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Alberta Flood: Wet books, story of energy

Alberta Flood: Wet books, story of energy

Posted on: June 26, 2013
Author: Jennifer Kohle

Michael Ulrich is a communications senior manager with ATB Financial Business & Agriculture. In this account of the flood cleanup in the Calgary neighbourhood of Elbow Park, he paints a vivid picture of the unnatural job of removing treasured and prized personal possessions from homes. But it is also an optimistic account. Optimistic because of the energy of Calgarians.

ATBer Michael Ulrich poses with family as he helps clean out their flooded home

In the air from dawn until dusk and right through the night is the new soundtrack of life for residents of Elbow Park: the hum of generators.

I have family who live in this beautiful Calgary neighbourhood that runs along the Elbow River. It was devastated by flooding. Now, residents are working to empty the water from their homes and begin the drying-out process.

Residents here have lost so much. But, even as the generators power the cleanup effort, there is a unique energy in the air.

It's the result of the outpouring of support of Calgarians for their neighbours. We've learned again that neighbours aren't just the people who live next door.

Across this city, people are just showing up to do what they can. Some come with their gloves and rubber boots on. Others ride by on bikes, offering sandwiches and water. Businesses with the expertise to really help the cleanup are offering their services for free to those who need it.

For most homeowners in Elbow Park, Monday and Tuesday were spent hauling out everything that got wet. Picture this: every driveway, yard and curbside is piled high with wet, muddy personal belongings. There are mountains of debris. On every street are rows of garbage containers ready to be taken away. Garbage trucks are making the rounds, accessing the main streets to load up whatever people have hauled out.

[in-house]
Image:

For many, having it gone is part of the healing process, I think.

In the pile of destroyed personal items from my family are waterlogged books. My uncle owned a bookstore until recently and although he was able to save a lot of what was on higher ground, the mountain of literature in his driveway tells the story of the damage done and done so quickly.

He admits it's hard to see the books so unnaturally wet. But he also know that what got wet is just stuff. And like so many others he calculates the even deeper destruction done to others in southern Alberta.

It's been an incredible and surreal week in Elbow Park. And without a doubt the response is exactly what makes this city so great.

Even now, even without electricity and hot water, even with wet books and the sound of the generators reminding us all of the work ahead, there is another sentiment that rings true for many here.

Sunny days are here again.

I'm just one of many ATB associates trying to pitch in wherever we can.

- Michael

More stories from the floods:

Dear Jon
Tears and drywall
Primed for grime
Fully invested
Extra Hands
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